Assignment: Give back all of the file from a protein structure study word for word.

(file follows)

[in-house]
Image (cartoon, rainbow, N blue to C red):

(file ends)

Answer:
[in-house]
Image (cartoon, rainbow, N blue to C red):